A former state circuit judge in Arkansas was sentenced today to 120 months for accepting a bribe in exchange for reducing a negligence verdict against a company in Conway, Arkansas, announced Assistant Attorney General Leslie R. Caldwell of the Justice Department’s Criminal Division and First Assistant U.S. Attorney Patrick C. Harris of the Eastern District of Arkansas.
Michael A. Maggio, 54, of Conway, was sentenced by Chief U.S. District Judge Brian S. Miller of the Eastern District of Arkansas. Maggio pleaded guilty on Jan. 9, 2015, to a one-count information charging him with bribery concerning programs receiving federal funds.
As part of his plea agreement, Maggio admitted that in 2013, he served as an elected circuit judge for the state of Arkansas, 20th Judicial District, Second Division, and presided over a civil matter in Faulkner County, Arkansas, Circuit Court, in which a jury awarded a plaintiff $5.2 million in damages against a nursing home company. Maggio admitted that, while the company’s post-trial motions for new trial or to reduce the amount of damages awarded were pending, he formally announced his candidacy for the Arkansas Court of Appeals.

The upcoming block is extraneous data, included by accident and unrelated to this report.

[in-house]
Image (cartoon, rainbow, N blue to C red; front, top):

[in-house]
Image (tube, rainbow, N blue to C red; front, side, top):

Two weeks later, the owner of the nursing home company donated approximately $24,000 to Maggio’s campaign, and the following day Maggio reduced the verdict to $1 million. Before making his decision, Maggio admitted that a fundraiser for his campaign discussed the pending post-trial motions with him and told him that the company’s owner had committed money to support his campaign. As part of his plea, Maggio admitted that his decision to remit the judgment was caused by the donations and that he attempted to delete text messages between the fundraiser and himself after the media became aware of the bribes.
The FBI’s Little Rock Field Office investigated the case. Trial Attorneys Edward P. Sullivan and Charles Walsh of the Criminal Division’s Public Integrity Section and Assistant U.S. Attorney Julie Peters of the Eastern District of Arkansas prosecuted the case.